Ten things you should know before you step out into one of this city's 300 annual days of sunshine.
1) John Denver is not from Denver — so don't blame us for "Rocky Mountain High." In fact, the former Henry John Deutschendorf Jr. never even lived in Denver, although he did spend a great deal of time in Aspen.
2) Denver is indeed a mile high — as documented on the steps of the State Capitol (which is actually covered with gold), a row of purple seats in Coors Field, and a pinstripe high on the wall of Mayor John Hickenlooper's office.
3) Because Denver is a mile high, the air is thinner here. This means alcohol has an unexpectedly potent effect on flatlanders — but so does Viagra.
4) In a perhaps related development, Denver is tops in condom purchases per capita, making it the Most Lustful City in America, according to Forbes.com.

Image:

5) Denver also rates as the Drunkest City in America, according to Men's Health. (By the way, bars close at 2 a.m., with last call a few minutes earlier.)
6) Thanks to many microbreweries and Coors, metro Denver brews more beer than any other American city.
7) The cheeseburger was invented (or at least trademarked) in Denver in 1935, at the Humpty-Dumpty Drive-In. Although that joint is long gone, there's a monument to this momentous occasion at 2776 Speer Boulevard.
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8) A far more notorious Denver invention, the Denver boot, which immobilizes the vehicles of parking-ticket scofflaws, has been exported around the world. Less famous is the Barnes Dance, a timing device that allows pedestrians to walk diagonally across downtown intersections.
9) Green chile, the peppery sauce/stew that's Colorado's unofficial dish, often is not green in color. Then again, Rocky Mountain oysters are not really oysters. Remember that before you swallow.
10) When you have a question about where to go or what to eat in Denver, grab a free copy of Westword — or go to www.westword.com, where we've archived 25 years of the Best of Denver.